Kanji Watanabe is a longtime bureaucrat in a city office who, along with the rest of the office, spends his entire working life doing nothing. He learns he is dying of cancer and wants to find some meaning in his life. He finds himself unable to talk with his family, and spends a night on the town with a novelist, but that leaves him unfulfilled. He next spends time with a young woman from his office, but finally decides he can make a difference through his job... After Watanabe's death, co-workers at his funeral discuss his behavior over the last several months and debate why he suddenly became assertive in his job to promote a city park, and resolve to be more like Watanabe. Written by
Mike Rosenlof <email@example.com>
When Takashi Shimura rehearsed his singing of "Song of the Gondola," director Akira Kurosawa instructed him to "sing the song as if you are a stranger in a world where nobody believes you exist." See more »
In the last scene with Toyo (in the restaurant with the birthday party going on), the position of the bell on the mechanical bunny changes, even though neither actor has touched the bunny. See more »
Drinking this expensive sake is like paying myself back with poison for the way I lived all these years.
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Not just a film, but an incredible learning experience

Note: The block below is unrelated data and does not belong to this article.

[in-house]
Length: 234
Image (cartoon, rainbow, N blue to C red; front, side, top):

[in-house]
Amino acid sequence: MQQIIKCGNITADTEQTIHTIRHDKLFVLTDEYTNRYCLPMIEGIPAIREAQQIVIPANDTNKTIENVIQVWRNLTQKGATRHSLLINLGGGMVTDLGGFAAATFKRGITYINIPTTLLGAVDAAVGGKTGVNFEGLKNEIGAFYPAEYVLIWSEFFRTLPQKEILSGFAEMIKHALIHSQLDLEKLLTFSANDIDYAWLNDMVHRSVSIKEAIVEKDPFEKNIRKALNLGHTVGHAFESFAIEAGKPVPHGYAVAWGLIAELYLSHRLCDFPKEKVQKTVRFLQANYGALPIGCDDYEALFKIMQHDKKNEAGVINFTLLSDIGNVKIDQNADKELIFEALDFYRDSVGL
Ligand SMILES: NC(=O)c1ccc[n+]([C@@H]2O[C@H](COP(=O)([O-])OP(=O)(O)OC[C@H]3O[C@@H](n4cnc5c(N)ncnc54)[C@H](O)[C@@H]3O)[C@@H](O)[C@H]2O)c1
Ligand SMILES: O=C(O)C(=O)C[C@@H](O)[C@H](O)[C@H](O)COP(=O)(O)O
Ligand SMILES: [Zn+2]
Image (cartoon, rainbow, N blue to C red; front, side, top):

A quiet, but very moving film. Kanji Watanabe (Takashi Shimura) is a clerk who has been living a dull, unsatisfying life working in the government's offices who is diagnosed with cancer and is given one year to live. He tries to enjoy his days by picking up a former co-worker (Miki Odagiri) and taking her out on the town. She finally convinces him that this is not the way to spend the rest of his life. He soon realizes that he has a strong desire to do something with his life so that it will not have been a total waste. Therefore he begins to work in cooperation with the people... accomplishing something that nobody in the office had the nerve to do before.
I consider Ikiru to be Kurosawa's first truly excellent film. The story moves along very low-key and we gradually realize the power and emotion that is in this great film. Roger Ebert said of Ikiru that it is one of the few films that can actually change the way you look at life after watching it.
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